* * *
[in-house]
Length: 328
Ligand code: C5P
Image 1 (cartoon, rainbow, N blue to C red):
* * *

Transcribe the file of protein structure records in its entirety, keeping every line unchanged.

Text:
[in-house]
Length: 328
Ligand code: C5P
Image 1 (cartoon, rainbow, N blue to C red):